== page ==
Working with Private Landowners

Many great climbing areas across the United States are located on private lands. The landowners may allow unrestricted access, access with restrictions, or no public access. It is important to recognize that climbing on private land is a privilege, and we must work to establish and maintain a positive relationship with landowners.

Before checking out a new area, determine who owns the land you cross and climb at. It may be a matrix of private and public lands. Most county websites have online interactive maps that show property boundaries over aerial imagery and provide basic landowner information.

When approaching and working with private landowners, develop a good understanding of state laws, risk management tools, and potential concerns the landowner may have. Common concerns of private landowners include: liability, loss of control of their property, degradation of the land by disrespectful users or overuse, security, privacy, and the public developing rights to use the property, i.e., access through a prescriptive easement.

The Access Fund can work with you to establish positive partnerships with private landowners. Contact us at [email protected] or call 303.545.6772 to discuss opportunities.

Resource Center

State Recreational Use Statutes

Recreational Use Statutes are the first line of defense for landowners. Learn how to research your state's statute here.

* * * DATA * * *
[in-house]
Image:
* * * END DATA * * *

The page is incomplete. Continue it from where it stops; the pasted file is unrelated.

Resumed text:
Climbing On Your Land

Risk management and conservation support for private landowners.

Access Agreements

Access agreements are a great tool for reopening closed climbing areas or providing public access to new areas.

Climbing on Private Land

A guide to climbing on private land: ask first.

Choosing Your Conservation Strategy

There are many conservation strategies for obtaining climbing access on private land. The chart and definitions of conservation strategies will help get you pointed in the right direction.

Sample Property Sign

Warning signage is a useful risk management and climber education strategy to consider on private land. This is a sample sign used for an Access Fund property.

Recreational Leases

An overview providing the basics for setting up a recreational lease with a landowner or manager.

Insurance FAQ

General liability insurance can provide an additional layer of liability protection. Access Fund or local climbing organizations can provide additional insured status via access agreements, but it is important to understand what it does and does not cover.

Climbing Conservation Grant Program

A grant from the Climbing Conservation Grant Program can kick start acquisition, stewardship, policy, research, local support, and education projects.

Risk Management Strategies

There are multiple ways to manage risk. This document takes a look at how various private landowners apply risk management strategies to open up climbing on their land.

Risk Management Overview

The Risk Management Overview provides a general background on climbing risk management tools and strategies.